Typically, you'll have to finish college and law school in order to become an insurance fraud lawyer. In most cases, you will have to spend about four years in college earning a bachelor's degree followed by about three years in law school studying to become a lawyer. You will typically have to enroll in a range of general law school courses in order to prepare to become a lawyer. You may also, however, enroll in electives that help prepare you for practicing as an insurance fraud lawyer. Once you've graduated from college, you will likely have to pass a jurisdiction-specific licensing exam to gain the right to practice law in your area.
Many people think of preparation to become an insurance fraud lawyer as something that begins with college. In reality, however, you may begin preparing to become an insurance fraud lawyer in high school. In general, you can boost your chances of gaining acceptance to a college that interests you by taking academic courses and doing well in them. All of your classes will likely prove important, but you may gain particular benefit from writing and public-speaking classes and activities. They may help you build the excellent communication skills that are usually required for pursuing a legal career.
Once you've graduated from high school or earned an equivalent diploma, you will likely have to spend about four years in college. Law schools are usually willing to accept students from many different majors. Often, however, people who are interested in becoming lawyers choose to major in such subjects as political science, psychology, or even pre-law. When you want to become an insurance fraud lawyer, grades are usually more important than your choice of majors. You may have the best chance of gaining entry to law school if you earn a good grade point average, demonstrate that you are well-rounded by participating in activities and clubs, and score well on pre-admission exams.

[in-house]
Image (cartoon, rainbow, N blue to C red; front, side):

Law school is one of the last steps as you prepare to become an insurance fraud lawyer. In most cases, you will have to complete a core of required law school courses to prepare for this career. These classes are required no matter what type of lawyer you want to become. You may, however, take electives that include a focus on insurance and fraud law to prepare for this career. Insurance law internships may prove helpful as well.
Your final step in becoming an insurance fraud lawyer will likely be a licensing exam, often called the bar exam. Most jurisdictions will not allow you to practice as a lawyer until you’ve earned a passing score on this exam. Once you’ve succeeded at passing it, however, you can seek a job as an insurance fraud lawyer.